- The Washington Times - Wednesday, September 6, 2006


FedEx donates to MLK memorial

FedEx announced yesterday that it will donate $1 million to help build a permanent memorial to Martin Luther King next to the Tidal Basin.

The donation brings the total raised to more than $64 million.

The announcement came one week after General Electric donated the same amount.

Officials have said they need $66 million to obtain building permits for the site. They have not yet chosen a contractor. The project is estimated to cost $100 million.

The 4-acre memorial will sit across the Tidal Basin from the Jefferson Memorial and north of the memorial to former President Franklin D. Roosevelt. In the center will be a 30-foot statue of King called the “Stone of Hope.”

Most of the memorial’s funding has come from large corporate sponsors.

Illegal aliens plan rally for legal status

More than a half-million illegal aliens and their supporters are expected to rally tomorrow on the Mall for legislation that will help them achieve legal status, organizers said.

Protesters also will call on Congress to end deportations that split families.

The stage will be set up at Third Street Northwest between Constitution and Independence avenues. The rally begins at 4 p.m. Organizers said last week that they planned to end with a march along Pennsylvania Avenue to the White House.

Metro will run trains at more frequent intervals starting at 2 p.m. and is advising regular commuters to leave work early or late and to avoid transferring trains if possible.

Police also expect delays to rush-hour traffic.

Traffic accident kills one, injures three

A traffic accident in Southeast on Sunday that killed one woman and injured three persons came after an attempt to pull over the car in Prince George’s County, D.C. police said yesterday.

Prince George’s County officers tried to stop a 1997 Lincoln Continental on Suitland Road about 4 a.m.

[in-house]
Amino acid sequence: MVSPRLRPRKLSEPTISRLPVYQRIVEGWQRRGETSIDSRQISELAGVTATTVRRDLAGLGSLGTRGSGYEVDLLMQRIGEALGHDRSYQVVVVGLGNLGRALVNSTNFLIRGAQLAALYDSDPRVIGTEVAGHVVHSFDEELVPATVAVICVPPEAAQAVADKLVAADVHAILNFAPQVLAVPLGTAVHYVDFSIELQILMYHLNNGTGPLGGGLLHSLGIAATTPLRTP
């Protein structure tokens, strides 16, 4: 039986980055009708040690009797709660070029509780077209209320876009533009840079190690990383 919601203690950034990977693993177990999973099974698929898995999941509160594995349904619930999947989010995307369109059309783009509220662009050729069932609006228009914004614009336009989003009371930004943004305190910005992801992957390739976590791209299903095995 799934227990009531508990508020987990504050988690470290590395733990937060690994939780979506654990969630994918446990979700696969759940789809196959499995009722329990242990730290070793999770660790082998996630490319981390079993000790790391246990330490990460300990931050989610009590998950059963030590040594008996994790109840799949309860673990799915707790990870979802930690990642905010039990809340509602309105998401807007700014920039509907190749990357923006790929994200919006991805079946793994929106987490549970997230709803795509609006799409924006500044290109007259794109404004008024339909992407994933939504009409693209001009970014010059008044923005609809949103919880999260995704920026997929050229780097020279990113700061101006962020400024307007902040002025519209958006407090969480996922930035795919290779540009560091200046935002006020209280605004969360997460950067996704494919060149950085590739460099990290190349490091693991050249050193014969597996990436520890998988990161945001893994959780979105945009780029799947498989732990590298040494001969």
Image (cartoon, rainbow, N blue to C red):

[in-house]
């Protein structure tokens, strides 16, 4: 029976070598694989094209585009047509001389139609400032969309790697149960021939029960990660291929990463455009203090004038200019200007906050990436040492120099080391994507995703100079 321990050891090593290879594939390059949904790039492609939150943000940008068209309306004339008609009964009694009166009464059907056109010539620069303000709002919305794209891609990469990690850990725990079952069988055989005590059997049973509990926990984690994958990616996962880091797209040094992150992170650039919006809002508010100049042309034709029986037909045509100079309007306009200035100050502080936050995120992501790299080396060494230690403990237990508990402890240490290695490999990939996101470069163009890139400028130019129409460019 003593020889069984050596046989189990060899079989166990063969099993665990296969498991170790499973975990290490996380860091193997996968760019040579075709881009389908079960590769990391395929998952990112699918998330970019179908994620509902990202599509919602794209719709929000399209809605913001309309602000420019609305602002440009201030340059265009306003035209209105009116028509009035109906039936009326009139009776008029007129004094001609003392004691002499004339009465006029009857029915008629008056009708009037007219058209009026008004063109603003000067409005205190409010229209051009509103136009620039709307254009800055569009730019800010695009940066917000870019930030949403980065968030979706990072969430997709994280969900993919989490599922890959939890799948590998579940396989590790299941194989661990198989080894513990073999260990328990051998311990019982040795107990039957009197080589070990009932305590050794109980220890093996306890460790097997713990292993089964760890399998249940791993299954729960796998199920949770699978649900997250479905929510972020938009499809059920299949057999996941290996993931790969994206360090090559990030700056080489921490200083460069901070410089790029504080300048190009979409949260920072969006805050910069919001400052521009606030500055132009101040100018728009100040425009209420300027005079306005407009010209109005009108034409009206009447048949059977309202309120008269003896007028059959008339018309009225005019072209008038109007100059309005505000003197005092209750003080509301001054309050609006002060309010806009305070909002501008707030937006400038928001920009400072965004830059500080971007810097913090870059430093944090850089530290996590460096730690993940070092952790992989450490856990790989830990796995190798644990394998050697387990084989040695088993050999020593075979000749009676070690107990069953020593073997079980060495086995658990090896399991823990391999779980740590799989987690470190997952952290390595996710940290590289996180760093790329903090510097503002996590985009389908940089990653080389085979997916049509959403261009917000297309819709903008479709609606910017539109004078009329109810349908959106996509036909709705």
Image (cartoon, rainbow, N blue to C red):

The driver — Bruce Mayo, 31, of the 300 block of 50th Street Northeast — refused to stop and sped into the District, police said. He was not pursued.

Once in the District, the car struck two utility poles, trees and then a fence causing the vehicle to flip over in the 3800 block of Suitland Road Southeast.

The front-seat passenger, Sheilisha Jackson, 18, of the 7200 block of Strawberry Place in Bryans Road, Md., was pronounced dead at the D.C. medical examiner’s office.

The two rear-seat passengers — Derrick Washington, 29, of the 1400 block of Dandy Street Northeast, and Janee Reed, 19, of the 700 block of Crawford Street in Oxon Hill — were thrown from the car. They and the driver were hospitalized.



Guard stabbed at prison

A correctional officer at Jessup Correctional Institution was attacked by an inmate yesterday morning as inmates were being taken to breakfast, authorities said.

The officer was stabbed in his upper torso about 6:15 a.m. and was taken to a local hospital. The wounds are not life-threatening.

Officials arrested the inmate and recovered a homemade weapon. Charges against the inmate are pending.

Another correctional officer, David McGuinn, 42, was stabbed and killed at the nearby Maryland House of Correction in July. At least two inmates there were wounded last month in stabbings involving other inmates.


Jogger found dead a Secret Service agent